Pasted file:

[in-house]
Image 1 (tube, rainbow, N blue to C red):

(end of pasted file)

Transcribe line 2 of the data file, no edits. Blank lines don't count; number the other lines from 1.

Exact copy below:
Image 1 (tube, rainbow, N blue to C red):